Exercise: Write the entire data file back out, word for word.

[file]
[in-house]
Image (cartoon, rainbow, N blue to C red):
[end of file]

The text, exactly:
[in-house]
Image (cartoon, rainbow, N blue to C red):